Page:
Welcome! The origin of this web page goes back to 20 years ago in 1995 while I was living in Virginia. Perhaps to be more accurate, the idea for this web page goes back to the mid-1950s when the author was growing up as a child in a typical village in Lundazi in Eastern Zambia in Africa. These details are important because the idea of this web page did not come up overnight. It was after 20 years of serious searching because spectacular negative things were happening in the author’s life that threatened to destroy him. He had everything that modern or the American dream life would say one needs to be happy or successful; a car, house, job as a professor, wife and family. What happened could not be explained by boredom or lack of education for he has a Ph. D for what it is worth in the fuller context of life. No one thing could be identified to explain why those negative things, dramatic emotions, life events, and feelings were happening.
This is perhaps why this should be said on the got set so that the reader does not waste time reading more of what is on this web page. There are millions if not billions of web pages to day and other rational sources of information. Those web pages, books and other sources of information attempt to offer you the one solution to life; yoga, religion, money, food, travel, love, sex, marriage, legal and illegal drugs, material possessions, more degrees, and the list is endless. Some of them offer you a 5 or 10 step program on how to achieve success or to be happy or deal with the commonly so-called midlife crisis. This web page will have none of that. Some descriptions, Zambian/African narratives, some articles that appeal to some research, the scientific method and one’s rationality can be found on another companion web page by this same author: Hunger for Culture www.hungerforculture.com. This Suffering Soul web page is dedicated to the suffering modern soul everywhere. Feeding and satisfying the soul never has one magic bullet, a linear program or formula. It is a way of life.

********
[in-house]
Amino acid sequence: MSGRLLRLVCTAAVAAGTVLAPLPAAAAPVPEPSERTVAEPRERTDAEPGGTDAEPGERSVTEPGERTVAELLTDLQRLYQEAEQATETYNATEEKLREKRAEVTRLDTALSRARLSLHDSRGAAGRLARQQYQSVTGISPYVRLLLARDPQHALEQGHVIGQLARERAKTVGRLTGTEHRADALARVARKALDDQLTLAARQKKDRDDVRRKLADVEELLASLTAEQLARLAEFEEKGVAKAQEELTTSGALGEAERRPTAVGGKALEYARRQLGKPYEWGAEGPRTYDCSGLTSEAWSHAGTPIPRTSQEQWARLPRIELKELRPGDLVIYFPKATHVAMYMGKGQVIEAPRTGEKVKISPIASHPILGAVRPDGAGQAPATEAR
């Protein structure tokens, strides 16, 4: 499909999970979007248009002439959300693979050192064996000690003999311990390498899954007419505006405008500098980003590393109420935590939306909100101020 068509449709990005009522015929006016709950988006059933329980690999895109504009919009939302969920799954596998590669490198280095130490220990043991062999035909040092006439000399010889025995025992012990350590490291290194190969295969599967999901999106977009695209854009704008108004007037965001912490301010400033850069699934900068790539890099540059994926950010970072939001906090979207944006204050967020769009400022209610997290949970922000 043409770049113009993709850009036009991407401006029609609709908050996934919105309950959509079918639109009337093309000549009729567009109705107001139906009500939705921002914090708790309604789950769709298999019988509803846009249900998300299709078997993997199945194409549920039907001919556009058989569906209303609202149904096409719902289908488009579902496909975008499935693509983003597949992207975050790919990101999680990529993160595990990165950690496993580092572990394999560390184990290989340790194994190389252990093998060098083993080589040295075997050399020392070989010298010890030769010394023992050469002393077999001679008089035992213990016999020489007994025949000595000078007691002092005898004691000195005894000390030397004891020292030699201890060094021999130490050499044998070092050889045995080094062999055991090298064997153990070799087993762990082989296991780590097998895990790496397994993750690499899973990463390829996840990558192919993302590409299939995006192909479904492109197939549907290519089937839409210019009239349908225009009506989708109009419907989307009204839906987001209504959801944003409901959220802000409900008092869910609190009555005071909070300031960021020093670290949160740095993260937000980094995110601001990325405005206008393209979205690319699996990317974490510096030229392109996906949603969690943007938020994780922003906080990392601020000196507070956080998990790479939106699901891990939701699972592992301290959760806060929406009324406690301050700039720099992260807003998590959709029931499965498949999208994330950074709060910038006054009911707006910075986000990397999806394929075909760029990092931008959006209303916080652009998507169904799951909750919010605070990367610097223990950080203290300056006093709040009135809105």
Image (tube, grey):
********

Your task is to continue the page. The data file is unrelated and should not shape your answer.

This is how the author feels somewhat blessed, fortunate or lucky to have lived long enough to first experience growing up totally embedded in a soulful life, later to realize the serious deficiencies of the lack of the soul in life, and now being in a position to battle everyday to live the life of the soul. This is against all the formidable forces of life today that are overwhelmingly anti-soul or driving everyone toward a soulless life. The author is able to identify the possible consequences of the substantial lack of the soul in our lives today. I sincerely hope that the reader will be able to recognize some of themselves as they continue to read. The reader may not be able to understand what comes next and on the rest of this web page until they first understand what the soul is or its definition.